Danish offshore driller Maersk Drilling has made history by drilling the deepest ever well on the Norwegian Continental Shelf.
The company on Thursday said that using the jack-up rig Maersk Gallant had beaten the record by reaching a total depth of 5.491 meters while drilling the ultra high-pressure, high-temperature Solaris well for Total E&P.
“We have broken a number of records during the Solaris operation. But this achievement is second to none. There was a lot of cheering in the driller’s cabin that day,” says Sadi Ozturk, Assistant Rig Manager on Mærsk Gallant.
He continues: “The Solaris exploration well is one of the most challenging wells in the North Sea. All crew members are very excited about this achievement.”
In the Solaris project – together with the client Total E&P Norge – Maersk Drilling has taken a 15,000 psi rig and adapted the equipment and procedures in order to drill a reservoir section where predicted pore pressures are well in excess of 15,000 psi.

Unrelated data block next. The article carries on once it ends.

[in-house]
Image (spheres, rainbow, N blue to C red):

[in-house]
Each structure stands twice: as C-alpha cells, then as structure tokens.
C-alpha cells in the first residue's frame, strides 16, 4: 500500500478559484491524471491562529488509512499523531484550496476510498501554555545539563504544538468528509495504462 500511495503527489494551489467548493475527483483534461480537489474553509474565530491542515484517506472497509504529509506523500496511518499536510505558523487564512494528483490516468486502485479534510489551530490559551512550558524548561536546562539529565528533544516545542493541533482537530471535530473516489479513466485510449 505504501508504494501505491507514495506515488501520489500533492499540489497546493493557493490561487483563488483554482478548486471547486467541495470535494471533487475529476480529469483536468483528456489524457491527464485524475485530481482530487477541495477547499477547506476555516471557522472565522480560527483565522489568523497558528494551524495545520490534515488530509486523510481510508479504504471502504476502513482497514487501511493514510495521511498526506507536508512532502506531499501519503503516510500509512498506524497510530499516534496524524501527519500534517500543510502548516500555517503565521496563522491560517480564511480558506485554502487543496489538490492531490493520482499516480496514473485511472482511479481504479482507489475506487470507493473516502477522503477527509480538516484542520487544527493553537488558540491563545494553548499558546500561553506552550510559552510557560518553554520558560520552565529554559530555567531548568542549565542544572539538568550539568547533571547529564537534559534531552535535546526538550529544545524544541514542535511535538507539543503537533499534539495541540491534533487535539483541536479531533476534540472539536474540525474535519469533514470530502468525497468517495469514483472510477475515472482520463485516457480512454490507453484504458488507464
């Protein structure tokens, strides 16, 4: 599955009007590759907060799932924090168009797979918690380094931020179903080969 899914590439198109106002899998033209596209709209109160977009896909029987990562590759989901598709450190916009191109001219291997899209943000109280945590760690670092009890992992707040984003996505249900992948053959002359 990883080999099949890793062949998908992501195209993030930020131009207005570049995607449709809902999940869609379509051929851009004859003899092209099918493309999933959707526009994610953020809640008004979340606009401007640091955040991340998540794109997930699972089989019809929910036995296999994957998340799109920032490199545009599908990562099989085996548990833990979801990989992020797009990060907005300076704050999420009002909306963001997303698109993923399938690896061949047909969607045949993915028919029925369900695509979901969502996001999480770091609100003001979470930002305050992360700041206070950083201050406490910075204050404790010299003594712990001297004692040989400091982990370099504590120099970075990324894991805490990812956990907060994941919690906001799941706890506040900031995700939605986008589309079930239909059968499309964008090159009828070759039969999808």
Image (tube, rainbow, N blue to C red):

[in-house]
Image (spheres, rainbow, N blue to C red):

The demanding requirements of the customer have led to a wide variety of modifications on the rig, the driller added.
Apart from breaking the depth record, there were other achievements made, so Maersk Drilling has compiled a full list of the records set during the Solaris drilling. Here it is:
1: the largest and most complicated BOP stack rig up.
2: the biggest cement job (600 m3 cement slurry).
3: the heaviest casing run (1,2M lbs).
4: first time a 20K BOP has been nippled up (installed) and used to drill an ultra HPHT well.
At the moment, the crew members on Mærsk Gallant are in the process of plugging and abandoning the well and expect to start the rig move in the beginning of September.